Lockheed Martin Corp. (NYSE: LMT) may be in the defense sector and at risk of austerity measures, but its dividend hike of late 2011 was for a yield of 5.2%. That only screens out as about 4.4% now that shares hit a new 52-week high. In the new age of austerity, the $30 billion defense giant might not be able to take the same 33% dividend hike it took in late 2011, but it is still expected to grow earnings, and that $1.00 quarterly payment may get hiked to $1.10 or $1,15 in the next 45 to 60 days.
McDonald’s Corp. (NYSE: MCD) has raised its dividend each and every year since paying its first dividend in 1976. It is has a new CEO after a near-decade run higher under high dividend payouts. So its new CEO probably has no choice but to raise the payout here, even if the growth and business trends seem to have peaked. The last $0.70 payout declared was the fourth consecutive dividend paid out a that rate, and this stock has been stuck in the mud after being the best DJIA stock in 2012. Our take is that Mickey D’s will raise the payout to $0.75 per quarter, which will be about half of its expected adjusted earnings in 2013. After all is said and done here, the new CEO needs to show that he is confident about the future, and it is not exactly like the Golden Arches has to reserve as much cap-ex spending for growth like many other businesses.
Microsoft Corp. (NASDAQ: MSFT) has now had four consecutive $0.20 payouts per share per quarter, and a dividend hike announcement could come as soon as September. With estimates for its fiscal June 2013 year at $3.02 and a $0.80 annualized payout, that is only about 26% of its adjusted earnings being paid out at the same time that it has a massive cash trove. Depending on its outlook, Microsoft could even decide to do a massive one-time dividend to reward shareholders with only a 15% dividend tax, if that is believed to change substantially in 2013. Its 2.6% dividend yield compares to the 3.4% paid by Intel Corp. (NASDAQ: INTC). Microsoft shareholders would like to see its stock rise back up to $35 and maybe even $40. A more aggressive dividend policy may be what it will take to get there.
Telecom payouts still beat utilities … We are looking for dividend hikes soon from both AT&T Inc. (NYSE: T) and Verizon Communications Inc. (NYSE: VZ). With the Apple Inc. (NASDAQ: AAPL) iPhone 5 less than a month away, how could more dividend hikes not be expected here. AT&T raised its dividend by 2.3% last December, and we would expect that same 2% or so dividend hike to be the case again in 2012 and beyond. The company has raised its payout to shareholders for 28 consecutive years. Rival Verizon has raised its dividend in announcements in early September in each of the past two years, with last year’s hike coming in it 2.5%. These two payouts remain the biggest dividends of the 30 DJIA components, and the frothiness of the share price is anticipating dividend hikes.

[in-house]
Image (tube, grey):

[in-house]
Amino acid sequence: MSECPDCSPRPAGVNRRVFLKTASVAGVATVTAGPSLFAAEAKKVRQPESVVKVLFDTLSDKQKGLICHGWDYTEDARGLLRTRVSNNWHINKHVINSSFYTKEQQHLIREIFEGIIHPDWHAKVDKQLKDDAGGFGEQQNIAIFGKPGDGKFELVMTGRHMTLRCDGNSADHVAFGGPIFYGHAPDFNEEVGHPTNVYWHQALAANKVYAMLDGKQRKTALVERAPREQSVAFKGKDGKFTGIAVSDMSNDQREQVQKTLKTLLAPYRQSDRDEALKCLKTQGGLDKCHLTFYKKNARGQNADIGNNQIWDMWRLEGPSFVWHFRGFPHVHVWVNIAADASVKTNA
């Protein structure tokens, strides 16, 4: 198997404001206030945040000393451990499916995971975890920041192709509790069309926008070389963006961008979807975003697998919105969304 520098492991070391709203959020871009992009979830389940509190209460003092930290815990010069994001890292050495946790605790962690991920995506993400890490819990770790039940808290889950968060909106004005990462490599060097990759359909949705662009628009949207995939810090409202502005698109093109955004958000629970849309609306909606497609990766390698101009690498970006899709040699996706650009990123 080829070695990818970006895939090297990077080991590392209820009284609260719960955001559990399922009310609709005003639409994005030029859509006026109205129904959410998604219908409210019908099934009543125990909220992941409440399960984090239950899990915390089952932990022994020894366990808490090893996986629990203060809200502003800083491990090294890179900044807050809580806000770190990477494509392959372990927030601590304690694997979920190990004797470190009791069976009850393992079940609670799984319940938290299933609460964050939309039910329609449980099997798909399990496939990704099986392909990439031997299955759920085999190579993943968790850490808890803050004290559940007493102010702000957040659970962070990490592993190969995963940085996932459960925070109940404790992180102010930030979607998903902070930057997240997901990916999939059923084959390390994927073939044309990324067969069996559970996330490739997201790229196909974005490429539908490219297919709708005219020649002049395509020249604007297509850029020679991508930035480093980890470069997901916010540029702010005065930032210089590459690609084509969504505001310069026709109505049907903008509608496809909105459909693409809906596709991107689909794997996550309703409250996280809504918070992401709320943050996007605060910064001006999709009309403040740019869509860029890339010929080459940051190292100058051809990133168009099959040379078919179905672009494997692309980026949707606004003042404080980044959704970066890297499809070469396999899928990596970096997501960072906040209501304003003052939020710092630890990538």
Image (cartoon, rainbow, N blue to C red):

Walt Disney Co. (NYSE: DIS) has that annualized payout when it pays a dividend, something which we hope that The Mouse House will move away from. Its dividend was static from 2007 to 2009, but as the economy has improved after the recession so has its dividend. The most recent hike was very high at 50% (to $0.60 from $0.40), and we would not expect a hike of that magnitude, but this last payout is only about 20% of its adjusted earnings expectations, while many established DJIA components pay closer to between 30% and 40% of their income out. Our take is that Disney will hike its payout to $0.70 or $0.75 before the end of this year, or $0.80 on an outside shot.
Yum! Brands Inc. (NYSE: YUM) is supposed to be the fast-food growth engine of China here in America, and perhaps the company wants to show that it can still open one store per day in China. The company last hiked its dividend in September 2011 by 14% to $0.285 per share, and the company said that it had increased its dividend each year at a double-digit percentage rate since initiating a dividend in 2004. Yum! The Yum! dividend policy continues to target a payout ratio of 35% to 40% of annual net income. If it wants to continue at the same double-digit growth rate, then that dividend needs to be hiked to $0.31 or more, which would come to about 38% of Yum!’s expected adjusted earnings for this year and about 33% of next year’s expected adjusted earnings.
If you want some other dividends to peruse for higher and higher payouts and dividend growth via funds and exchange traded funds, here are some other ideas that avoid the risks of individual stocks.
PowerShares Dividend Achievers (NYSEMKT: PFM) is a dividend-growing, ETF but it has not grown as much as some might have expected. Its annualized payout over the past four payments alone was 2.12% as of today, but it truly does rise through time.
A rival dividend growth fund is the Vanguard Dividend Appreciation ETF (NYSEMKT: VIG), with a yield of closer to 2.1% but with more than 800,000 shares per day.
There is also the iShares Dow Jones Select Dividend Index (NYSEMKT: DVY), with a dividend north of 3% on a 12-month look back, and it is active with about 1 million shares trading each day.
iShares Dow Jones US Telecom (NYSEMKT: IYZ) has AT&T and Verizon as about 30% of its assets and some of the lower quality names drag its yield down to about 2.8%, with more than 400,000 shares trading each day. The Vanguard Telecom Services ETF (NYSEMKT: VOX) is a close rival but has less volume of 60,000 shares or so, with only about 62,000 shares trading hands on an average day.
In utilities, there is the Utilities Select Sector SPDR (NYSEMKT: XLU), which trades more than 6 million shares per day, and its yield is just under 4% now because its share price has risen more than 4% this year after gaining almost 20% last year, with utilities being the best S&P 500 sector in 2011.
JON C. OGG